The Phuket King’s Cup Regatta is now in its Quarter Centenary year, after first sailing in 1987 to celebrate His Majesty the King of Thailand’s 60th birthday. Under Royal Patronage, the Phuket King’s Cup Regatta is organised by the Phuket King’s Cup Regatta Organising Committee under the auspices of the Royal Varuna Yacht Club.
Recognised throughout the eastern hemisphere as the premier sailing event of its kind, the Phuket King’s Cup Regatta will again present a spectacular display of Asia’s finest sailing talent who will compete on this most coveted international stage. 2011’s event will run from December 3 to December 10, beginning with two days of registration, briefing and practice, before five days of exceptional racing concluding in the Royal Awards Ceremony on the final Saturday.
The Phuket King’s Cup is a competition steeped in history and magic. The Regatta was established to celebrate a most auspicious occasion; in 1986, a number of Thailand’s yachting fraternity met to discuss what they could do as a special tribute to His Majesty the King’s forthcoming Fifth Cycle, or 60th birthday, for the following year on December 5, 1987.
After careful discussion, it was decided to hold a Royal Regatta. Phuket was to become the glittering location for this sailing spectacle; the first such event held in the beautiful waters of the Andaman Sea.
The inaugural Phuket King’s Cup Regatta was realised in 1987 by Royal Varuna sailors, including Commodore Chris King, Dr. Rachot Kanjanavanit, Al Chandler and Adolph Knees. It was yachting and Phuket aficionado M.L. Tridosyuth Devakul, better known as renowned architect and developer Mom Tri, who placed the resources of his recently opened Phuket Yacht Club Hotel at Nai Harn Bay in Phuket, at the Regatta organiser’s disposal.
The first Regatta began with a mixture of keelboats, catamarans, Lasers and even windsurfers. Few who were there at the time will ever forget Varuna member Reg Chambers, who sailed a Laser, calling “starboard” on a 45-ft keelboat, which had to give way.
Like any prominent yacht racing event, the Phuket King’s Cup Regatta has developed its own folk-lore. Scott McCook, for example, sailed his beach-launched catamaran up from Singapore, won all five races in one year, then sailed the small cat back to Singapore Harbour.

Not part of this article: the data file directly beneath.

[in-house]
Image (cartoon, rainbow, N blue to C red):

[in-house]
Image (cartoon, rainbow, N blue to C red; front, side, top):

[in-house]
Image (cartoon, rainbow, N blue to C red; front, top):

More recently the Regatta has become a big boat event, attracting keelboats and ocean-going catamaran teams from around the world. As a principal fixture on the Asian Yachting Circuit, the Regatta annually features upwards of 100 boats and 2,000 participants, ranging from the high tech yachts in Racing Class, to live-aboard ocean cruisers, multihulls and classics.
International-standard race management has been combined with lively beach parties during regatta week to create this world-renowned yacht racing exhibition.
Kevin Whitcraft, President of the King’s Cup Regatta Organising Committee explained the reasons behind why there are so many keen competitors each year; “If you were to ask any of the competitors that take part each year why they compete in the Phuket King’s Cup Regatta, you will get as many answers as there are competitors. For some it is the ideal of taking part; for others, it is the besting of their friends and colleagues. A handful are in it for the glory and it is always nice to take a trophy home.”
There are prizes up for grabs each night with trophies for first, second and third places in each class. Overall class trophies (first, second and third) are awarded at the end of the week for series winners. After a successful week of racing, a boat’s haul of trophies can easily fill a shelf or a suitcase.
The King’s Cup Trophy, the Royal Trophy, is very special. The original trophy is made from silver seated on a column of Ash wood and was deigned by ML Tridhosyuth Devakul, the original owner of Mom Tri’s Boathouse and one of the founders of the Phuket King’s Cup regatta back in 1987. The trophy features 9 sails rising up from a silver bed that represents the sea. On top of the sails is the symbol of His Majesty the King of Thailand, which is known as the Tra Sanyalak, along with his initials and the Thai symbol for 9 as the King is the ninth of this Dynasty. Surmounting all of this is the King’s crown, symbolising his patronage of the event. Winners of each class received a quarter size replica of the Royal Trophy.